Main Article Content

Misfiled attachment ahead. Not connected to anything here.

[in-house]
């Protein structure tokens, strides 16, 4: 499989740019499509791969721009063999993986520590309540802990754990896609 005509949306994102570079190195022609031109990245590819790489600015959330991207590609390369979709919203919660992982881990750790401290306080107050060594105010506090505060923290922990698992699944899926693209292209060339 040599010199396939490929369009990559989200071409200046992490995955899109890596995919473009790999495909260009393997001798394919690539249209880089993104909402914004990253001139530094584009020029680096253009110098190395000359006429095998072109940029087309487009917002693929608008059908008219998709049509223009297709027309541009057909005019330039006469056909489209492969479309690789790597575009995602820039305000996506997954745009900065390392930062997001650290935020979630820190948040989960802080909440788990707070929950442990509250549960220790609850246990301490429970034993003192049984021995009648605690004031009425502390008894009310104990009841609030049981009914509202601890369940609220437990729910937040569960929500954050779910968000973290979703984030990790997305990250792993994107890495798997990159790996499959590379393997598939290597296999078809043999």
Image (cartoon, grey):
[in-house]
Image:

The purpose of this paper is to prove that in Walter Map’s “otherworldly stories” constant interaction between time and space is used to convey a signifi cant cultural and political message. In the tale Of King Herla, a legendary ruler of ancient Britons, geographical detail seems to be as important as its temporal component. The story, set in the border territory between England and Wales, in the vicinity of Hereford, is “anchored in the countryside,” showing that the English past is deeply rooted in the insular landscape. Herla’s three-day-journey to the underworld and his return to earth after two hundred years proves that in his quest he crossed both, spatial and temporal boundaries, in order to provide the people inhabiting the British Isles with a sense of cultural and historical continuity. Plunging into the river Wye in the fi rst year of the coronation of Henry II Plantagenet, he seems to recognize the new king as his legitimate successor and carrier of tradition broken throughout centuries by various conquests, social unrest and political change. Thus, Walter Map, belonging to the closest milieu of Henry II, uses the story of Herla to provide cultural and historical legitimation of the Angevin rule in England.